Remarks

This species was described as Venus malabarica by Chemnitz (1782, figs. 324, 325) with the type locality of the Malabar coast in southwest India. Using Chemnitz’s (1782) figures, Gmelin (1791) erected the name Venus gallus and repeated the type locality of the Malabar coast. No type material could be located in Copenhagen or St Petersburg collections, consequently all nomenclature is based on the figures in Chemnitz. These figures are sufficient to place this taxon in the genus Protapes and this taxon was adopted as the type of the genus by Dall (1902). Although Chemnitz’s name is invalid for nomenclatural purposes, it was still being used in the late twentieth century by Fischer-Piette and Metivier (1971).

Figure 10. 

Protapes gallus Topotype A right valve dorsal B right valve ventral C dorsal margin D left valve dorsal E left valve ventral (DABFUK), Dharmadam, Kerala, South west coast of India.

Protapes ziczac (Linnaeus, 1758)

Figure 11

Original combination

Venus ziczac Linnaeus, 1758

Synonyms

(from MolluscaBase 2018d) Venus sinuosa Lamarck, 1818; Tapes inflata Römer, 1870

Type locality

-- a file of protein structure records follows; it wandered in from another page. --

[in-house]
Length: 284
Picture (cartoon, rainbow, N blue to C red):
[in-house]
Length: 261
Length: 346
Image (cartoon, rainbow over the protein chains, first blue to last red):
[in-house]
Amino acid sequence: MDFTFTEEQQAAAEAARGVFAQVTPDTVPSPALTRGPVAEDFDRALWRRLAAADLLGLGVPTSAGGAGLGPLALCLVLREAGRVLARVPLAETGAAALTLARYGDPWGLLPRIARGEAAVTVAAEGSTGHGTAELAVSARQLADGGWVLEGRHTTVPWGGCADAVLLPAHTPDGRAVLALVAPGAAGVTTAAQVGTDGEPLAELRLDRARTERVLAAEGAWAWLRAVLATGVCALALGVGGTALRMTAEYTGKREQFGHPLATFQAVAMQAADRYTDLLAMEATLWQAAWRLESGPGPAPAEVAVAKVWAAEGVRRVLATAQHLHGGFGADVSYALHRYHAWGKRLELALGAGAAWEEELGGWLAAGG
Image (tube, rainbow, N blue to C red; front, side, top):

Linnaeus (1758) gives the type locality as the Indian Ocean.

Material examined

Neendakara, Kollam, 5 live collected specimens + 18 empty articulated shells; Dharmadam, Kannur, 3 live collected specimens.

Description

Shells to 50 mm, solid, inflated, equivalve, inequilateral, beaks slightly in front of midline. Outline sub-ovate, lunule margin impressed, anterior margin pronounced, posterior ventral margin subtruncate, posterior area strongly sinuous. Lunule lanceolate, weakly ridged. Escutcheon narrow, smooth. Sculpture of raised concentric ridges separated by nearly equal-sized grooves. Pallial sinus narrow, apex rounded, ascending steeply towards umbonal cavity. Shell external colour tan with bright zigzag streaks and four brown rays radiating from umbo to ventral margin. Shell interior colour white with yellowish tinge in umbonal cavity.

Distribution

The species has an Indian Ocean distribution with records from the Red Sea, Aden, East Africa, Somalia, Mozambique, Maputo, Inhambane, Nacala, Natal, Madagascar, Oman, and Persian Gulf (Huber 2010).

Remarks

Protapes ziczac (Linnaeus, 1758) has an inflated, heavy, and solid shell with the external sculpture the strongest of any species of Protapes.

The species was recorded as Protapes sinuosa (Lamarck 1819) by Oliver and Glover (1996) from the Arabian Sea, but has subsequently been shown to be Protapes ziczac (Huber, 2010). Huber (2010) gave P. sinuosa as a junior synonym and also synonymised Tapes inflata Römer, 1870 with P. ziczac, but Huber (2010) doubted the locality given as Sri Lanka. He regarded the Indo-Pacific shells identified as P. sinuosa as a new taxon, P. swenneni (Huber, 2010).

Figure 11. 

Protapes ziczac A right valve dorsal B right valve ventral C dorsal margin D left valve dorsal E left valve ventral (DABFUK), Kollam, Kerala, South west coast of India.